This article is part of the Journal of Raman Spectroscopy special issue entitled “Raman spectroscopy in art and archaeology” edited by Juan Manuel Madariaga and Danilo Bersani.
The first in situ micro-Raman spectroscopic analysis of prehistoric cave art of Rouffignac St-Cernin, France†
Article first published online: 15 JUL 2012
Copyright © 2012 John Wiley & Sons, Ltd.
Journal of Raman Spectroscopy
Special Issue: Raman spectroscopy in art and archaeology
Volume 43, Issue 11, pages 1637–1643, November 2012
How to Cite
Lahlil, S., Lebon, M., Beck, L., Rousselière, H., Vignaud, C., Reiche, I., Menu, M., Paillet, P. and Plassard, F. (2012), The first in situ micro-Raman spectroscopic analysis of prehistoric cave art of Rouffignac St-Cernin, France. J. Raman Spectrosc., 43: 1637–1643. doi: 10.1002/jrs.4115
- Issue published online: 21 NOV 2012
- Article first published online: 15 JUL 2012
- Manuscript Accepted: 27 APR 2012
- Manuscript Revised: 21 APR 2012
- Manuscript Received: 9 DEC 2011
- portable micro-Raman;
- manganese oxides;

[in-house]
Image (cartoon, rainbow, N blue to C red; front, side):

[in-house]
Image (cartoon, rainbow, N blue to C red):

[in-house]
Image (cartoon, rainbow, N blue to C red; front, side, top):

The first in situ micro-Raman spectroscopic study of prehistoric drawings found in the cave of Rouffignac-Saint-Cernin (Dordogne, France) was carried out. Rouffignac cave art, assigned to the upper Magdalenian Paleolithic period (13500–12000 bp), is constituted of more than 250 drawings and engraving including 158 mammoths. There are about a hundred drawings, all made of black pigments. Until now, destructive chemical analyses performed on one sample, as well as recent micro X-ray fluorescence (μ-XRF) in situ analyses have shown that the drawings contain manganese oxides. Because no carbon has yet been found, no direct dating of the drawings could be performed. This new study of the Rouffignac cave using non-destructive in situ micro-analyses aims at confirming or not the absence of carbon-based drawings and at understanding the apparent homogeneity of the parietal representations by the identification of the crystalline phases constituting the black pigments. The adaptability of portable equipment as well as the feasibility of in situ micro-Raman analyses in a cave environment was tested. The results obtained are compared with in situ XRF, and X-ray diffraction microanalysis is performed at the same time in the cave. We demonstrate that a portable Raman instrument is very useful to analyze non-destructively drawings in the following difficult conditions: high humidity, various wall geometries, and small amounts of material studied. These results show that the black manganese oxides romanechite and pyrolusite were used as pigments by prehistorical artists. Carbon and carotenoids have been found locally. Differences between the various figures are highlighted and hypotheses about the drawings production are proposed. Copyright © 2012 John Wiley & Sons, Ltd.